B4391, Ffestiniog, North Wales
The various A-roads that traverse north Wales are littered with caravans and lorries, but turn off the beaten track and you’ll discover a wealth of deserted, twisty tarmac, with few stretches better than the B4391 from Ffestiniog.
Initially ambling through the remnants of the village as the speed limit opens out to national, the road ascends through a series of bends. Tackling the road, its sweeping nature allows me to pick up more speed in the 3.4-litre 991 as the hills of southern Snowdonia sit to the west.
The road continues its rolling nature, now gradually meandering up and downhill over the course of the next few miles, throwing in a few blind bends that tighten up on the exit.
I’m now deep into a valley, with gorse bushes to my right and more imposing hillsides to my left. If the road doesn’t float your boat then the landscape most certainly will.
Some of the corners are now providing good sightlines, letting me take more of a racing line, but soon the edges close in as I race uphill. This roughly signals the halfway point, with the corners tightening and requiring more use of the second gear.
A perilous drop replaces the countryside to my right, a knee-high rock wall being the only thing between me and disaster. The flat six echoes off the sheer rock face to my left as I shoot downhill.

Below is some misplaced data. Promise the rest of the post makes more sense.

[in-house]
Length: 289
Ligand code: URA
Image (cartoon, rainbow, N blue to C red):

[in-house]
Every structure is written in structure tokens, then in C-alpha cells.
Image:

Latitude: 52°57’29.9″N 3°55’49.5″W
Length of drive: 8.1 miles
Points of interest:
Llechwedd Slate Caverns,
Blaenau Ffestiniog, LL41 3NB
Queen’s Hotel, High Street,
Blaenau Ffestiniog, LL41 3ES
My verticality provides an advantage, as I can spot any traffic for miles around, and this is possibly one of the most rewarding points on the route. It’s particularly spectacular on a summer’s evening, as the warm glow from the sun adds extra visual drama.
Beyond this, the road migrates onto a straighter blast, the already-impressive surface improving further. The hilly vistas remain impressive, before a plunging, off-camber left-hander sends us into a forested section.
The final few miles are peppered, like the whole route, with a range of corners, blind crests, cambers and sheep, all of which add up to an intoxicating mix that had us driving the route over and over again.
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